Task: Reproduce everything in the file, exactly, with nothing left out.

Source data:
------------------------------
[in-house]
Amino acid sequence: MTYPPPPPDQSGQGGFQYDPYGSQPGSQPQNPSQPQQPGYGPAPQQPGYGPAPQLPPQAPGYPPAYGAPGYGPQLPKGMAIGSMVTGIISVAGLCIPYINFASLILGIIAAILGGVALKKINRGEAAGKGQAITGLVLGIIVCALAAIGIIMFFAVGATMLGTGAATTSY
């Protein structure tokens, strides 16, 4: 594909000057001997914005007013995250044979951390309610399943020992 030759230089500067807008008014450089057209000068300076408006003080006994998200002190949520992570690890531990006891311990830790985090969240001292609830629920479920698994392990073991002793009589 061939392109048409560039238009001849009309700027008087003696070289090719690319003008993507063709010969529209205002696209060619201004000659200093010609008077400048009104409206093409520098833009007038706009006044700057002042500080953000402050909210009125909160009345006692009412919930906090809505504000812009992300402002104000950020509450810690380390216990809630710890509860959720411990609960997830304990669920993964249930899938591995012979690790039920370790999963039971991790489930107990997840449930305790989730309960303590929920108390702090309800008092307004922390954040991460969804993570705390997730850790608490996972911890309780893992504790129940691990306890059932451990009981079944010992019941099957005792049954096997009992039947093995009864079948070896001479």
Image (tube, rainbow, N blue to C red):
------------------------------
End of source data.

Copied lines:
[in-house]
Amino acid sequence: MTYPPPPPDQSGQGGFQYDPYGSQPGSQPQNPSQPQQPGYGPAPQQPGYGPAPQLPPQAPGYPPAYGAPGYGPQLPKGMAIGSMVTGIISVAGLCIPYINFASLILGIIAAILGGVALKKINRGEAAGKGQAITGLVLGIIVCALAAIGIIMFFAVGATMLGTGAATTSY
């Protein structure tokens, strides 16, 4: 594909000057001997914005007013995250044979951390309610399943020992 030759230089500067807008008014450089057209000068300076408006003080006994998200002190949520992570690890531990006891311990830790985090969240001292609830629920479920698994392990073991002793009589 061939392109048409560039238009001849009309700027008087003696070289090719690319003008993507063709010969529209205002696209060619201004000659200093010609008077400048009104409206093409520098833009007038706009006044700057002042500080953000402050909210009125909160009345006692009412919930906090809505504000812009992300402002104000950020509450810690380390216990809630710890509860959720411990609960997830304990669920993964249930899938591995012979690790039920370790999963039971991790489930107990997840449930305790989730309960303590929920108390702090309800008092307004922390954040991460969804993570705390997730850790608490996972911890309780893992504790129940691990306890059932451990009981079944010992019941099957005792049954096997009992039947093995009864079948070896001479």
Image (tube, rainbow, N blue to C red):